Slay the Dragon Shows How Everyday People Can Mobilize to Rewrite the Political Rules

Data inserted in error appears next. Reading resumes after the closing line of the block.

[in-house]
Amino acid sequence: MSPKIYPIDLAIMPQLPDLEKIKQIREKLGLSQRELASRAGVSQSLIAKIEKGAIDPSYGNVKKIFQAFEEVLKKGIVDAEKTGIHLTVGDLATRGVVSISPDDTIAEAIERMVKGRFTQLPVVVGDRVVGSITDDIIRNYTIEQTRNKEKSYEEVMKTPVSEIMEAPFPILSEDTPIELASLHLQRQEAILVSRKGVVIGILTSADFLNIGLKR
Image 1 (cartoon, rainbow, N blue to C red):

Released just after Census Day 2020--which marks the first step in the next decade’s new round of Congressional reapportionment and redistricting--Slay the Dragon isn’t the first documentary to try and tackle the issue of gerrymandering, and it probably won’t be the last. But by focusing on the everyday impacts of gerrymandering and the individuals fighting back against it, directors Barak Goodman and Chris Durrance have created an engaging and effective visual advocacy tool. Slay the Dragon begins by setting out the context and history of gerrymandering, with a particular focus on the post-2010 redistricting cycle. From a filmmaking perspective, it’s fairly conventional. Relying on crisply animated graphics and talking-head interviews with journalists, lawyers, and other experts, the filmmakers examine how technology, dark money spending, and the results of the 2010 midterm elections combined to create a gerrymandering perfect storm, and how the Republican Party’s REDMAP program took advantage of those factors to radically reshape our political landscape and insulate republican legislators from electoral consequences in the ensuing decade. If that sounds complicated, it very easily could be, but Slay the Dragon avoids getting too dry by focusing on a few key individuals in the fight against gerrymandering and following them: the attorneys representing a group of Wisconsin voters in federal litigation challenging the constitutionality of partisan gerrymandering, and Katie Fahey, one of the leaders of Voters Not Politicians, a group of everyday citizen-activists aiming to establish an independent redistricting commission in Michigan. Full disclosure: at my day job, I work as a voting rights lawyer at Campaign Legal Center, a nonprofit, nonpartisan legal organization that works on democracy reform issues. My colleagues Paul, Gerry, Annabelle, and Ruth (along with Ruth’s husband Nick) appear in the film and were part of the legal team representing the Wisconsin plaintiffs. They also currently represent Voters Not Politicians in federal litigation defending Michigan’s new independent redistricting commission. I’m writing this review in my personal capacity as a moviegoer, but I work on these issues in a professional capacity every day, and these cases (and these people!) are very close to my heart. Political documentaries can sometimes struggle to put a human face on the issues on which they’re focused--particularly when the subject matter is something as abstract as the allocation of political power and representation in America. But Goodman and Durrance effectively show that gerrymandering isn’t just some esoteric political machination: the way that maps are drawn has a concrete impact on people’s lives. Disastrous water management policies that led to the Flint water crisis in Michigan. The destruction of public sector unions in Wisconsin. Implementation of racially discriminatory voter ID in North Carolina. All three were extraordinarily unpopular policies that were met with enormous public protest that was ultimately ignored. The politicians who purported to represent these outraged citizens didn’t need to respond; because their districts had been drawn to protect them from electoral challenges, they no longer had to react to the needs of their constituents. Slay the Dragon follows the ups and downs of both the partisan gerrymandering litigation in Wisconsin and the Michigan ballot initiative campaign without overly dramatizing. By situating viewers in the living rooms and on the sidewalks where these efforts took place, it places them squarely in the action, capturing the spirit of these movements and the genuine frustration that has characterized politics over the past decade. The film ties these abstract structural issues of power and representation to the concrete harms that people face in their everyday lives and shows how those same people--not just lawyers and journalists and academics, but everyday citizen activists--can mobilize to rewrite the political rules. Slay the Dragon isn’t just an informative political and historical accounting of one of democracy’s most pernicious defects; it’s a guidebook on how to fight back against gerrymandering and create a more responsive government. It should be required viewing for anyone in America who cares about structural change and the health of our democracy.